Firefox 4 for Mac OS X: Under the Hood

Looking under the hood of a carFirefox 4 will be an exciting release and we’ve made a number of improvements specific to Mac OS X. Users will benefit primarily in terms of speed, stability, and security. We’ve come a long way since Firefox 3 for Mac OS X.

First, we’ve switched from a ppc/i386 universal binary to an i386/x86_64 universal binary. The default architecture on Mac OS X 10.6 will be x86_64. The default architecture on Mac OS X 10.5 will be i386. You will be able to run in i386 mode on Mac OS X 10.6 if you choose to do so but you will not be able to run in x86_64 mode on Mac OS X 10.5. Performance is the primary motivation for the move to x86_64. These numbers comparing Firefox 4b7 i386 to Firefox 4b7 x86_64 on Mac OS X 10.6.4 give some idea of the kinds of gains we’re seeing from the architecture change alone:

  • Cold startup: x86_64 is ~26% faster
  • Warm startup: x86_64 is ~5% faster
  • MS Psychadelic Browsing Demo: x86_64 is ~540% faster
  • MS Speed Reading Demo: x86_64 is ~35% faster

A big part of this is the availability of more CPU registers, but there are a number of other factors in play such as the ABI and the caching of system libraries. If most of your other applications are x86_64, and this is the case on most Mac OS X 10.6 systems, then x86_64 system libraries are more likely to be cache-hot. Your mileage may vary depending on your exact system configuration.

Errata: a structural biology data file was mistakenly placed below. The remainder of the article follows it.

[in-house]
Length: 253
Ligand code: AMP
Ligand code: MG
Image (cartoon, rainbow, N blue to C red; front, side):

We dropped ATSUI for text rendering and moved to Harfbuzz and Core Text. The move to Harfbuzz for many operations was done for security reasons and in order to expose advanced typographic features. Font handling is difficult in general, and even more so in web browsers. We’d prefer to depend on open source font code if possible because we can patch it quickly and participate in improving it.

We enabled OpenGL accelerated layer composition. This stage in the rendering pipeline is where we composite independently-rendered regions of a web page for your screen. Accelerating it helps us most when resizing images and video. GPUs are much better at performing those sorts of transformations than CPUs. For more information, see this post from Joe Drew. We hope to accelerate the rest of our rendering pipeline on Mac OS X soon.

We also added support for the Cocoa NPAPI event model and the Core Animation NPAPI drawing model. These specifications are a big step forward for browser plugins on Mac OS X. They are easier to develop for, properly documented, and designed with IPC in mind. As of version 10.1, Adobe’s Flash plugin supports Cocoa NPAPI. Which leads me to the next improvement…

Firefox 4 will run many plugins out-of-process on Mac OS X. All of your plugins will be out-of-process if you’re running the x86_64 version of Firefox. If you’re running the i386 version of Firefox we’ll run some popular plugins, such as Flash 10.1+, out-of-process but others will run in-process for performance and user experience reasons. And yes – the x86_64 version of Firefox will be able to use i386 plugins.

Those are the major Mac OS X-specific changes but we’ve also made a large number of minor improvements for Mac OS X. Combined with all of the great cross-platform improvements like our new JavaScript engine, WebM, and better HTML5 support, Firefox 4 should take the web to a whole new level for our users.